Review: Prez Volume 1: Corndog in Chief

The week after the presidential election, I browsed my library’s graphic novels section looking for some girl power and found the perfect answer to 2016's anti-woman nightmare: a collected volume of DC's mesmerizingly brilliant Prez, published in February 2016. The cover gave me a hint of what I was in for: a spunky looking teenage girl recreating Crossing the Delaware, surrounded by a diverse crew. It's the perfect hook for a book that manages to skewer politics and society, predict the future, and put women and minorities front and center, all at the same time.

Writer Mark Russell, penciller Ben Caldwell, and inker Mark Morales (among others) tell the story of Beth, a viral video "star" who gets nominated for president as a joke in 2036 and then, through a series of bizarre yet plausible machinations, actually wins the election. All Beth really wants to do is raise enough cash to save her dying, uninsured father, but when it becomes clear that she's destined to become commander in chief, she steps up to the plate and goes about breaking all of the supposed "rules" to do what's actually right. Drama and mayhem ensue, involving a colorful cast of characters that include a sentient robot, War Beast, who escapes his captors, and like Frankenstein's monster, just wants to be loved.

The obsessively detailed comic is crammed with inspired bits, from the omnipresent "likes" and "dislikes" to the hovering Taco Drones that both feed and monetize the masses. There's even a mythology nod in the form of Fred Wayne, billionaire scientist and descendant of Bruce. It's a truly remarkable comic in that it manages to be emotionally affecting, smartly satirical, and hilariously funny. Sample dialogue, from cable news anchor Amber Waves: "Today marks 10 years since the end of the social network wars. We celebrate the triumph of Twitter! ... And mourn the ten million dead."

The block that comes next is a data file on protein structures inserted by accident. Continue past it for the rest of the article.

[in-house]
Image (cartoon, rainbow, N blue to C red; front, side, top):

I imagine the creative team for this book huddled together, hammering out the details of their elaborate, bizarre creation. Maybe one of them took a swig of coffee and suggested "this thing is either going to be brilliant or a total mess." Congratulations, Russell and crew: Prez is the former, and as real life continues to make your "heightened reality" universe look less and less absurd by comparison, I applaud your achievement.